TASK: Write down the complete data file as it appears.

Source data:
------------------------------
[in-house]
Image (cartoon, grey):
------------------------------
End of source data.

[in-house]
Image (cartoon, grey):